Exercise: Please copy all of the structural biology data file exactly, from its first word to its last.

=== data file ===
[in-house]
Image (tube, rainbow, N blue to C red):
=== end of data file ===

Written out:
[in-house]
Image (tube, rainbow, N blue to C red):